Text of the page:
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2020 Update

  • The and services have been shut down.
  • Anything deployed to or will continue to work fine.

I created the system several years ago, and it costs about $150/month to host which I pay personally. I'm tightening up my finances right now, so this outgoing had to stop.

If anyone would like to host it for me (it runs on a single GKE n1-standard-2 instance), please let me know and we can get it back online!

I had a plan for a big rewrite that would make is possible to run on App Engine, thus reduce the cost to almost zero. Unfortunately this is something I'm hesitant to start, because it seems that Go on the client is moving away from GopherJS and towards WASM.

GopherJS is an amazing tool, but I've always been frustrated by the size of the output. All the packages in the dependency tree (including the standard library) are compiled to a single JS file. This can cause the resultant file to be several megabytes.

I've always thought a better solution would be to split the JS up by package and store it in a centralized CDN. This architecture would then allow aggressive caching: If you import fmt, it'll be delivered as a separate file fmt.js, and there's a good chance some of your visitors will already have it in their browser cache. Additionally, incremental updates to your app will only change the package you're updating, so your visitors won't have to download the entire dependency tree again. makes this simple.


  • Compiles Go to JS using GopherJS.
  • Splits the JS up by Go package.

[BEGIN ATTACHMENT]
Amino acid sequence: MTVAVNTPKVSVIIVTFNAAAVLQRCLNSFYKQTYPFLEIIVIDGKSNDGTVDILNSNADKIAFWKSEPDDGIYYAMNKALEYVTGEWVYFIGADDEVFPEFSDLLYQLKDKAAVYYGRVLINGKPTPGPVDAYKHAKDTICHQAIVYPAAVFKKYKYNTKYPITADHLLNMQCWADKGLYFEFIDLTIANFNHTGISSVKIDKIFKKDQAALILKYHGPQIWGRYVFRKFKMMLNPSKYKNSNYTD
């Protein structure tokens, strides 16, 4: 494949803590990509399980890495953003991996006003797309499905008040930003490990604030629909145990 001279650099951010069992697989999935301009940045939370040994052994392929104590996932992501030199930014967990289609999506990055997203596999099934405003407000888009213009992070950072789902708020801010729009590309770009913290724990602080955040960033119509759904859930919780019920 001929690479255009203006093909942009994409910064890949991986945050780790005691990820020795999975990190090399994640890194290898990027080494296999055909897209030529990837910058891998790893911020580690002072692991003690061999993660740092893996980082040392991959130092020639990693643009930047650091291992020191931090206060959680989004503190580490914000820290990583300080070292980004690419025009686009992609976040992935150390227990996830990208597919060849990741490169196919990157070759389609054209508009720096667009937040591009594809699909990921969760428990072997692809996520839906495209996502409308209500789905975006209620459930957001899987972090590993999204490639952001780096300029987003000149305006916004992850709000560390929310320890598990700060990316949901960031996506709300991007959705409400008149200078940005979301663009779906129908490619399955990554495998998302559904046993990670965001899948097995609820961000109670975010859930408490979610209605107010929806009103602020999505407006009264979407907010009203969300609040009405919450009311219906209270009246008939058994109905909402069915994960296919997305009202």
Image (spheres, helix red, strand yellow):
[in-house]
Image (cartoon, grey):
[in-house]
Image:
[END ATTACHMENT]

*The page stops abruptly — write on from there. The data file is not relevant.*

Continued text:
• Stores the JS in a CDN for you (GCP / Cloudflare).
  • Aggressively caches the JS.
  • Creates a page on that runs the JS.
  • Creates a single loader JS file you can use on your site.

How it works

Visit<path> to compile or re-compile your package. Here's a very simple hello world. Just click Compile.

After it's finished, you'll be shown a link to a page that runs the code on The compile page will also give you a link to a single JS file on - this is the loader JS for your package. Add this in a <script> tag on your site and it will download all the dependencies and execute your package.

URLs on that start may be abbreviated: will be available at and also Package URLs on always use the full path.

Production ready?

The package CDN (everything on should be considered relatively production ready - it's just static JS files in a Google Storage bucket behind a Cloudflare CDN so there's very little that can go wrong. Additionally, the URL of each file contains a hash of it's contents, ensuring immutability.

The index pages (everything on should only be used for testing and toy projects. Remember you're sharing a domain with everyone else, so the browser environment (cookies, local storage etc.) should be used with caution! For anything important, create your own index page on your site and add the loader JS (on to a <script> tag.

Ths compile server (everything on should be considered in beta... Please add an issue if it's having trouble compiling your project.


The power of aggressive caching is apparent when loading pages which share common packages... The examples in the ebiten game library are a great demonstration of this:


You can customize the HTML delivered by the page by adding a file named index.jsgo.html to your package. Use {{ .Script }} as the script src. See todomvc for an example.


If a function window.jsgoProgress exists, it will be called repeatedly as packages load. Two parameters are supplied: count (the number of packages loaded so far) and total (the total number of packages).

The default index page on is to display a simple count / total message in a span. However, by supplying a custom index.jsgo.html, more complex effects may be created - see the html2vecty example for a bootstrap progress bar.


If there's any non git repositories (e.g. hg, svn or bzr) in your dependency tree, it will fail. This is unlikely to change. Workaround: vendor the dependencies and it'll work fine.

How to contact me

If you'd like to chat more about the project, feel free to add an issue, mention @dave in your PR, email me or post in the #gopherjs channel of the Gophers Slack. I'm happy to help!

Run locally?

If you'd like to run jsgo locally, take a look at these instructions.


GopherJS compiler, serving framework and CDN.